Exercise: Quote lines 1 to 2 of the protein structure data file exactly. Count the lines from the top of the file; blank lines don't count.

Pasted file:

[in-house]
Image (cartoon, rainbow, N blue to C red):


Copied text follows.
[in-house]
Image (cartoon, rainbow, N blue to C red):